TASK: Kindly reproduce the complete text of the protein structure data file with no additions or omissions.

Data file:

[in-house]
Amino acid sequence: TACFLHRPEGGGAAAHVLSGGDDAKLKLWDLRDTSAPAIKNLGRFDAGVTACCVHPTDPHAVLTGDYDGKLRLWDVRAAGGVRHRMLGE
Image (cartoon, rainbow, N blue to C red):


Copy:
[in-house]
Amino acid sequence: TACFLHRPEGGGAAAHVLSGGDDAKLKLWDLRDTSAPAIKNLGRFDAGVTACCVHPTDPHAVLTGDYDGKLRLWDVRAAGGVRHRMLGE
Image (cartoon, rainbow, N blue to C red):